Candy: Thank you also! As far as bathroom use, they are basically encased in polyurethane, and should be exposed only to some steam, so they should hold up. As far as intact fingers—you’re an emergency room nurse, right? You guys can just sew those puppies back on, and they’re good as new, right?!

-- Dean -- "Don't give up the ship -- fight her 'till she sinks!" Capt James Lawrence USN

View CFrye's profile

CFrye

10419 posts in 1985 days


#4 posted 09-28-2014 02:02 PM

”You guys can just sew those puppies back on, and they’re good as new, right?!”
Sure thing, Dean! You don’t mind if they get a little mixed up in the process, do you? After all, a finger is a finger, right?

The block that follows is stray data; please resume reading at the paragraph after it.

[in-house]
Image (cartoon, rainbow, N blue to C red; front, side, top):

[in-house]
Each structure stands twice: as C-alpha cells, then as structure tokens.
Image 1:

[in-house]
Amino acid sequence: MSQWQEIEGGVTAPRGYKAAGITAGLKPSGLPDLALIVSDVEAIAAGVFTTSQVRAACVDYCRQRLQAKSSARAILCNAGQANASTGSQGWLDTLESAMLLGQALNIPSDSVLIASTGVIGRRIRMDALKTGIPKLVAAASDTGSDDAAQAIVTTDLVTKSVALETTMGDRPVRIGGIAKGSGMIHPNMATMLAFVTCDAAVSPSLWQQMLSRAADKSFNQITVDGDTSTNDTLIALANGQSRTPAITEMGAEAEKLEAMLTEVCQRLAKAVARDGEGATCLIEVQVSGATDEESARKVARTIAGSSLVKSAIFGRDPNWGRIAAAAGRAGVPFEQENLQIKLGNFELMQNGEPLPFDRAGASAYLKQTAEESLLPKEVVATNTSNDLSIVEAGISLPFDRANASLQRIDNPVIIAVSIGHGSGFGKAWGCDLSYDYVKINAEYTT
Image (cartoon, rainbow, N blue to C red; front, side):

;-b

-- God bless, Candy

View helluvawreck's profile

helluvawreck

32083 posts in 3012 days


#5 posted 09-28-2014 02:14 PM

These are very attractive.

helluvawreck aka Charles
http://woodworkingexpo.wordpress.com

-- helluvawreck aka Charles, http://woodworkingexpo.wordpress.com

View Mean_Dean's profile

Mean_Dean

6881 posts in 3292 days


#6 posted 09-28-2014 10:11 PM

Candy: Yeah, OK, I promise not to saw off any digits….....!

Charles: Thank you very much! They look even better in the bathrooms!

-- Dean -- "Don't give up the ship -- fight her 'till she sinks!" Capt James Lawrence USN

View HillbillyShooter's profile

HillbillyShooter

5811 posts in 2437 days


#7 posted 09-29-2014 04:19 PM

Very attractive and nicely done.

-- John C. -- "Firearms are second only to the Constitution in importance; they are the peoples' liberty's teeth." George Washington

View Mahini's profile

Mahini

20 posts in 1488 days


#8 posted 10-27-2014 09:21 PM